Over the past 5-6 years I got more and more involved in the project. Our Open PHACTS tasks did involve WikiPathways RDF (doi:10.1371/journal.pcbi.1004989), but Andra Waagmeester (now Micelio) was the lead on that. I focused on the Identifier Mapping Service, based on BridgeDb (together with great work from Carole Goble's lab, e.g. Alasdair and Christian). I focused on metabolomics.

Metabolomics
Indeed, there was plenty to be done in terms of metabolic pathways in WikiPathways. The current database had a strong focus on the genetics and proteins aspects of the pathways. In fact, many metabolites were not datanodes and therefore did not have identifiers. And without identifiers, we cannot map metabolomics data to these pathways. I started working on improving these pathways, and we did some projects using it for metabolomics data (e.g. a DTL Hotel Call project led by Lars Eijssen).

The point of this long introductions is, I am standing on the shoulders of giants. The top right figure shows, besides WikiPathways itself, and the people I just mentioned, more giants. This includes Wikidata, which we previously envisioned as hub of metabolite information (see our Enabling Open Science: Wikidata for Research (Wiki4R) proposal). Wikidata allows me to solve the problem that CAS registry numbers are hard to link to chemical structures (SMILES): it has some 70 thousand CAS numbers.


SPARQL query that lists all CAS registry numbers in Wikidata, along with the matching
SMILES (canonical and isomeric), database entry, and name of the compound. Try it.
A lot more about CAS registry numbers is found in my blog.
Finally, but certainly not least, is Denise Slenter, who started this spring in our group. She picked up things I and others were doing very quickly (for example this great work from Maastricht Science Programme students), gave those her own twist, and is now leading the practical work in taking this to the next level. This new WikiPathways paper shows the fruits of her work.

Metabolism
Of course, there are plenty of other pathways database. KEGG is still the gold standard for many. And there is the great work of Reactome, RECON, and many others (see references in the NAR article). Not to mention the important resources that integrate pathways resources. To me, unique strengths of WikiPathways include the community approach, very liberal licence (CCZero), many collaborations (do we have a slide on that?), and, importantly, its expressiveness. The latter allows our group to do the systems biology work that we do, analyzing microRNA/RNASeq data, studying diseases at a molecular interaction level, see the effects of personal genetics (SNPs, GWAS), and visually integrate and summarize the combination of experimental data and text book knowledge.

OK, this post is now already long enough. And seeing from the length, you can see how much I am impressed with WikiPathways and where it goes. Clearly, there is still a lot left to do. And I am just another person contributing to the project and honored that we could give this WikiPathways paper a metabolomics spin. HT to Alex, Tina, and Chris for that!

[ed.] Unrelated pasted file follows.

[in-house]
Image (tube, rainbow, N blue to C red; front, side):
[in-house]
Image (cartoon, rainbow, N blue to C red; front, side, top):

Slenter, D. N., Kutmon, M., Hanspers, K., Riutta, A., Windsor, J., Nunes, N., Mélius, J., Cirillo, E., Coort, S. L., Digles, D., Ehrhart, F., Giesbertz, P., Kalafati, M., Martens, M., Miller, R., Nishida, K., Rieswijk, L., Waagmeester, A., Eijssen, L. M. T., Evelo, C. T., Pico, A. R., Willighagen, E. L., Nov. 2017. WikiPathways: a multifaceted pathway database bridging metabolomics to other omics research. Nucleic Acids Research. http://dx.doi.org/10.1093/nar/gkx1064

Sunday, October 29, 2017

Happy Birthday, Wikidata!

CCZero.
Wikidata celebrates their 5th birthday with a great WikidataCon in Berlin. Sadly, I could not join in person, so I assuming it is a great meeting, following the #WikidataCon hash tag and occasionally the live stream.

Happy Birthday, Wikidata!

My first encounter was soon after they started, and was particularly impressed by the presentation by Lydia Pintscher at the Dutch Wikimedia Conferentie 2012. I had played with DBPedia occasionally but always disappointed by the number of issues with extracting chemistry from the ChemBox infobox, but that's of course the general problem with data that has been mangled into something that looks nice. We know that problem from text mining from PDFs too. Of course, if you start with something machine readable in the first place, your odds for success are much higher.

Yesterday, Lydia shows the State of Wikidata and I think they delivered on their promise.

I did not create my Wikidata account until a year later but did not use the account much in the first two years. But the Wikidata team did a lot of great work in their first three years, and somewhere in 2015 I wrote my first blog post about Wikidata. That year Daniel Mietchen also asked me to join the writing of a project proposal (later published in RIO Journal). The reason for more active adoption of Wikidata and joining Daniel's writing team, was the CCZero license and that chemical identifiers had really picked up. Indeed, free CAS numbers was an important boon. Since then, I have been using Wikidata as data source for our BridgeDb project and for WikiPathways (together with Denise Slenter). I also have to mention the work by Andra Waagmeester and the rest of the Andrew Su team gave me extra support to push Wikidata in our local research agenda around FAIR data.